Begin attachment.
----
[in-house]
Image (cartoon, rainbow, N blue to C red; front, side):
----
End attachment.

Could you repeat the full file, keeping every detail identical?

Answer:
[in-house]
Image (cartoon, rainbow, N blue to C red; front, side):